Agriculture is virtually impossible in the Middle East.

Instead, they were populated by tribal, nomadic peoples, such as the Bedouins of the Arabian Peninsula or the Berbers of North Africa, whose economic raison d’etre was to provide long-distance transport across the desert. Grain agriculture was only possible in a few places where a river, like the Nile, could be harnessed. The economies of scale and barriers to entry imposed by the need to obtain property rights to water gave rise, however, to a society composed of a wealthy elite and a vast, impoverished peasantry. No one owns the rain, but access to irrigation is a natural candidate for concentrated ownership.

A simple exercise provides support for our hypothesis. The Middle East and North Africa are part of a much vaster area of low precipitation, the Afro-Asian Dry Belt, which extends from Mauritania (on Africa’s Atlantic Coast), eastward across Mali, Niger, Chad, and the Sudan, and northwards across Morocco, Algeria, Libya, Tunisia, and Egypt. It then continues eastwards, encompassing all of the nations of the Middle East, Central Asia, Northwestern China, and Mongolia.

Across that vast stretch of the earth, encompassing a broad range of ethnicities, language groups, and colonial experiences, there is only one country that has managed to sustain a democracy: Israel. The fact that it is the exception suggests the power of our rule: Israel did so on the basis of an immigrant population that brought their human capital with them, allowing them to transform deserts and briny marshes into farmland.

The observations of social scientists, unlike the inscriptions at Karnak and Luxor, are not written in stone. They do, however, provide a guide as to the likely outcome of events in the Middle East--and they suggest that political science, not economics, is the true dismal science.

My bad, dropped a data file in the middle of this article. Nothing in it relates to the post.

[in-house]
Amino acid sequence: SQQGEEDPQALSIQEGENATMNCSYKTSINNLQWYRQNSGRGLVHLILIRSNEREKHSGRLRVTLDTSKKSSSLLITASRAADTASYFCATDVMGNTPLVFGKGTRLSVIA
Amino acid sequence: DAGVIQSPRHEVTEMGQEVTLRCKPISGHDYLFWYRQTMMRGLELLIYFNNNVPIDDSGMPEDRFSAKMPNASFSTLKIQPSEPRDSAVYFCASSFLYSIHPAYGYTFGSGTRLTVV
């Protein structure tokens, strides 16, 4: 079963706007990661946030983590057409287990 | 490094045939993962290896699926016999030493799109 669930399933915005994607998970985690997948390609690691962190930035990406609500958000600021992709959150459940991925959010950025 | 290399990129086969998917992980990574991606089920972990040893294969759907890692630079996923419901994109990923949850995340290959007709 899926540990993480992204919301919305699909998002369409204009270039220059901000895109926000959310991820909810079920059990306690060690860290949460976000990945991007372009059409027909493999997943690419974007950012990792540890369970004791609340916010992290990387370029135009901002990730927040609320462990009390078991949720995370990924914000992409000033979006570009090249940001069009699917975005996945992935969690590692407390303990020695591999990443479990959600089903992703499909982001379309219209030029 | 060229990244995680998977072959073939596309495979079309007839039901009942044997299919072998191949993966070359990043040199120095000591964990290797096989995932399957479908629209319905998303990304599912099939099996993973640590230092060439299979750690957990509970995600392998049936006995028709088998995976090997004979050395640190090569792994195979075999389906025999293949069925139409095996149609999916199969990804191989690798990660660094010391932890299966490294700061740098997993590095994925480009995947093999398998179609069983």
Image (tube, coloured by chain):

Stephen Haber, Peter and Helen Bing Senior Fellow at the Hoover Institution and A.A. and Jeanne Welch Milligan Professor in the School of Humanities and Sciences at Stanford University, is also professor of political science, history, and (by courtesy) economics at Stanford. He has been awarded every teaching prize at Stanford, including the Walter J. Gores Award for distinguished teaching. His research examines political institutions and economic policies that “hold up” innovation. His current research examines the creation of regulatory barriers to entry in finance, the economic and political consequences of hold up problems created by different systems of agricultural production, and the comparative development of patent systems. Haber’s most recent book, Fragile by Design (with Charles Calomiris), examines how governments and industry incumbents often craft banking regulatory policies in ways that stifle competition and increase systemic risk.


Victor Menaldo was a W. Glenn Campbell and Rita Ricardo-Campbell National Fellow at the Hoover Institution for 2009–2010 at the Hoover Institution.


Letters to the editor may be sent to definingideas@stanford.edu. Editors reserve the right to reject or publish (and edit) letters.